In the woods - Boxwood

Landsknecht Emporium
Landsknecht Emporium
No, it's not a box of wood. It's not even just wood in a box. Yes, it is called Boxwood.
This wood has a very fine, even grain structure, no matter how you cut it. The alburnum and the duramen can be mostly differentiated while the wood has some moisture, the dried material has a really uniform off-white, waxy yellow color with barely visible darker growth lines.
You might ask; what do we see in the picture? The discoloration is caused by a fungus infection, which gives the wood a very interesting look; understandably though it is an undesirable occurrence while the boxwood is still growing. Fortunately, after drying, it does not affect the attributes of the wood.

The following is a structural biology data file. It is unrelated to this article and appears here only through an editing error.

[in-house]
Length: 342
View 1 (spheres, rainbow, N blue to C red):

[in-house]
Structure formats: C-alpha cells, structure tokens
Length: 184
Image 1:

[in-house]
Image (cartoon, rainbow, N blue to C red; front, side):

To make things even more difficult, it's not particularly easy to work with this wood, or even prepare it for work; it needs to be dried slowly over a long time and still shrinks significantly and during the process, major splits also may occur.
Why is it still a beloved material by many makers? Once dried, it is extremely stable, durable, and hard which makes it perfect for really fine, detailed works such as miniature making. Of course, it is also a gorgeous handle material for knives, messers, or even swords.
Interestingly enough, once the wood is dry, it is really hard to properly soak it with oils, but polishing and waxing do the job perfectly. Another unusual aspect of this wood is, that in many regards it has to be treated like bone while working with it.
Mechanically it's very sturdy, the colors get slightly darker over time giving the wood an even more bone-like look.
Maintenance of Boxwood is simple since it doesn't really require any oiling or waxing; you can pretty much get away with not-so-regular cleaning.
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